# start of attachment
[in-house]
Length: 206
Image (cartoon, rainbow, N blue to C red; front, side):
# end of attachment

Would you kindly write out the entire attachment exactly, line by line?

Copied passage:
[in-house]
Length: 206
Image (cartoon, rainbow, N blue to C red; front, side):